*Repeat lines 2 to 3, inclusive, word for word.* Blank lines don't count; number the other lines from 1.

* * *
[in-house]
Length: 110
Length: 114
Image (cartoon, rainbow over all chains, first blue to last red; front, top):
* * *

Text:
Length: 110
Length: 114